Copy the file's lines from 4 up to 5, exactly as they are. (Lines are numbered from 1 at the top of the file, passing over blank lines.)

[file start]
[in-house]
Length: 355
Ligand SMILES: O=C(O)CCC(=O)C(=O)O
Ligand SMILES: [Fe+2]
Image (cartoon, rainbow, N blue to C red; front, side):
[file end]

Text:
Ligand SMILES: [Fe+2]
Image (cartoon, rainbow, N blue to C red; front, side):